This method was applied by the Genomic-wide Complex Trait Analysis software. It confirmed that common genetic variants can contribute to the estimates of heritability. Although, genome-wide association studies (GWAS) have not reported any significantly associated single nucleotide polymorphisms (SNPs) so far, these studies have been relatively small and underpowered for detecting individual loci significant at a genome-wide level, compared with genome-wide association studies of adult psychiatric conditions such as schizophrenia (2).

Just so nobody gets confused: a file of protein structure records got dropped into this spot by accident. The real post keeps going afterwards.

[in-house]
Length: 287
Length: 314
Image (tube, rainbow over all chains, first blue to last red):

Sample heterogeneity and pseudo-controls used in trio-based analyses could also possibly have a role. An aggregate score (a ‘polygenic risk’ score) of common genetic variants was found to be, higher in Attention Hyperactive Deficit Disorder cases than in controls on average. For now, the power of this analysis is weak, though it is likely to improve with score alleles derived from future larger discovery genome-wide association study samples, as has been seen in genetic studies of other psychiatric conditions, including schizophrenia (2). There are several studies imply that a large amount of rare copy number variants (CNV’s) in some Attention Hyperactive Deficit Disorder cases compared with controls. Only a small portion of affected children have these large deletions or duplications, and only a few specific loci have been found to be significantly enriched in Attention Hyperactive Deficit Disorder cases relative to controls (2). However, there is also evidence that CVN’s that are in children with Attention Hyperactive Deficit Disorder are loaded in gene sets that are also enhanced for common variant associations.